When Palmer Luckey first presented his Oculus Rift, successfully reviving the idea of VR headsets and pushing it back into the spotlight in 2012. Since then, a lot of things happened, leading to the release of not one but three “proper” VR headsets on the market (i.e. not relying on smartphones as a display): Oculus Rift, PlayStation VR, and HTC Vive, in 2016. Some consider these products to be an important stepping stone in the evolution of technology, others consider them still to be a bit early, with enough shortcomings to make them dubious in the eyes of many.
But these shortcomings can – and will – be addressed, transforming VR headsets into truly amazing, lightweight, non-nauseating, and really appealing products that everyone will crave and will be able to afford. And that’s when the true future of VR will begin.
There are already many video games either built to support VR or created especially for it. Soon, many more will appear. Today, you can expect to play at All Slots Canadian online casino just like you would be playing in a Vegas establishment, for example. The software that allows the All Slots to gain another dimension and a full immersive nature is ready – it hasn’t been rolled out yet, though, due likely to the low adoption rate of VR.
But virtual reality has capabilities to change more than just the world of video games – it can and will go beyond the entertainment industry as a whole.
Once VR headsets become much lighter and much more comfortable than they are today – and, most importantly, untethered – they will be able to replace all screens in our homes. After all, what is the use of a large-screen TV when you will be able to step right in the middle of the action and in whichever part of the house you would be? Storytelling will soon adopt the new technology and offer fully immersive entertainment to all – a lot like 3D and IMAX does today.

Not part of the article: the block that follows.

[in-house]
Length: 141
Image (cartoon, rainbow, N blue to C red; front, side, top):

When on a tight schedule, fans will be able to attend their favorite bands’ concerts remotely and enjoy the spectacle in its fullness (without the body odor, elbowing, drunk partygoers, and the crowd, of course). Binaural audio, video streaming, and VR will allow them to do so.
Computer models have been part of the design and engineering process for a long time – and VR can take them one step further. Designers and engineers will soon be able to develop new machines and concepts collaboratively in a fully immersive environment and do any tests they could imagine without ever having to lay their hands on a wrench. Today’s computers are already more than capable to model complex machines and systems – in the future, VR will allow engineers to step right inside them if they like.
Virtual reality has the potential to revolutionize education, too, allowing teachers to incorporate a content of a never before seen richness in the curriculum. In time, classrooms themselves might become obsolete, replaced by virtual meeting places where teachers and students will be able to meet, interact, teach, and learn without the need to leave their homes.
With the amazing capabilities of VR, doctors will be able to step inside the human body and study its function from within to better understand its ways. One day, they might even guide miniature drones inside our veins to locate and destroy any potential threat – nodules of infection, calcification, blood clots – from within.